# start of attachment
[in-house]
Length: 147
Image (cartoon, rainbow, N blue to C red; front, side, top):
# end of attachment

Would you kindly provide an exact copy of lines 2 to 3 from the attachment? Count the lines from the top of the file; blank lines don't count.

Length: 147
Image (cartoon, rainbow, N blue to C red; front, side, top):